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In scale-adapted Harris detector, the scale adapted second moment matrix is defined by: $$\mu(x, \sigma_I, \sigma_D) = \sigma_D^2\ g(\sigma_I) *\left[ \begin{array}{cc} L_x^2(x, \sigma_D) &L_xL_y(x, \sigma_D) \\ L_xL_y(x, \sigma_D) &L_y^2(x, \sigma_D) \end{array} \right]$$, while $\sigma_I$ is the integration scale, and $\sigma_D$ is the differentiation scale. What are they? Why use them?

UPDATE

According to @Dima's answer, I think $\mu(x,\sigma_I, \sigma_D)$ is actually something like this, $$\mu(x,\sigma_I,\sigma_D) = \sigma_D^2\cdot g(\sigma_I)*\left(g(\sigma_D)*\begin{bmatrix}I_x^2(x) &I_xI_y(x) \\ I_xI_y(x) &I_y^2(x)\end{bmatrix}\right)$$, where $I_x,I_y$ are the 1st order derivatives. Is it right? If so, why bother convolving twice? And why multiply $\sigma_D^2$?

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The $\sigma_I$ determines the scale level at which the Harris corners are computed. Coarser scales (higher values of $\sigma_I$) correspond to larger corners.

The $\sigma_D$ is effectively the window size, over which the derivatives are summed to generate the entries of the matrix. If $\sigma_D$ is too small, then the detector will be seriously affected by noise. If it is too large, then small corners may wash out. In the original non-scale-adapted Harris detector you only have $\sigma_D$.

By the way, this is the first time I see the terms "integration scale" and "differentiation scale", and I am not sure I like them. The "differentiation scale" is actually the Gaussian envelope, over which the derivatives are integrated. :)

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  • $\begingroup$ Thank you, and it's also the first I see these terms, just trying to figure out their meanings. $\endgroup$ – avocado Aug 26 '13 at 23:39
  • $\begingroup$ I have updated my post, please see my update. $\endgroup$ – avocado Sep 7 '13 at 6:51
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The original question was well posed, while the edit made it wrong. Let's clarify things first: the term scale normalized derivative was introduced (to my knowledge) in

Mikolajczyk, K. and Schmid, C. 2001. Indexing based on scale invariant interest points. In Proceedings of the 8th International Conference on Computer Vision, Vancouver, Canada, pp. 525– 531.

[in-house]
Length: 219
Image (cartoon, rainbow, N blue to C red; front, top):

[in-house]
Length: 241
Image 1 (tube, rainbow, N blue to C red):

referring to a derivative of order $m$ of image $I(\mathbf{x})$, obtained by convolving with the corresponding derivative of a Gaussian function, multiplied by the derivation scale at the power of $m$. In formulas this is $$ D_{i_1 \dots i_m}(\mathbf{x},\sigma_D) = \sigma_D^m L_{i_1 \dots i_m}(\mathbf{x},\sigma_D) $$ The indexes are generic because of the order is $m$. If you use order $m=1$, then you get just the two first order partial derivatives: $$ D_x(\mathbf{x},\sigma_D) = \sigma_D L_x(\mathbf{x},\sigma_D)\\ D_y(\mathbf{x},\sigma_D) = \sigma_D L_y(\mathbf{x},\sigma_D) $$ Why do you multiply by $\sigma_D^m$? Because, in this way, the scale normalized derivatives behave nicely under scaling of the intensity pattern. The derivatives obtained on a scaled image will have the same value of those on another scale but with the right derivation scale, that is a different level on the scale space.

Now, just look at $L_x$, since for the other one is exactly the same. This is defined as: $$ L_x(\mathbf{x},\sigma_D) = g_x(\sigma_D)*I(\mathbf{x}) $$ In your edited answer you observe that derivation and convolution may be exchanged, and in fact you can write: $$ g_x(\sigma_D)*I(\mathbf{x}) = g(\sigma_D)*I_x(\mathbf{x}) $$ The problem is that in the Harris technique you introduce a non-linear operation: square and product of the two partial derivatives. So you get: $$ \left[ \begin{array}{cc} L_x^2(\mathbf{x},\sigma_D) & L_xL_y(\mathbf{x},\sigma_D)\\ L_xL_y(\mathbf{x},\sigma_D)&L_y^2(\mathbf{x},\sigma_D) \end{array} \right] \neq g(\sigma_D)* \left[ \begin{array}{cc} I_x^2(\mathbf{x},\sigma_D) & I_xI_y(\mathbf{x},\sigma_D)\\ I_xI_y(\mathbf{x},\sigma_D)&I_y^2(\mathbf{x},\sigma_D) \end{array} \right] $$ So, to conclude, the first convolution is used to compute the derivatives (obtaining a representation in the scale space at the derivatin scale), then you need to integrate over a window for the Harris algorithm, with the so called integration scale.

Who introduced the two terms providing a good distinction of the two values? I believe that the first appearance of the terms is in

Mikolajczyk, K., & Schmid, C. (2004). Scale & affine invariant interest point detectors. International Journal of Computer Vision, 60(1), 63-86.

In the paper, they set $\sigma_D = 0.7\sigma_I$. Then the paper begins describing how the Harris-Laplace Detector works, but it's really complex and I still do not understand it very well (10 years after the appearance of the paper...).

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Such scale parameters identify the resolution at which features of interest are detected. With decreasing scale parameters, finer features are detected. The integration parameter determines the scale of the Gaussian smoothing function (used to attenuate finer features). The differentiation parameter specifies the scale of the derivative operators (used to detect rapid image intensity changes)

Parameter values are determined empirically and can be set using iterative procedures.

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